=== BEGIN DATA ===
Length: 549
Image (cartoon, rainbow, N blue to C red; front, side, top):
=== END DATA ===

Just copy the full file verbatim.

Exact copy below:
Length: 549
Image (cartoon, rainbow, N blue to C red; front, side, top):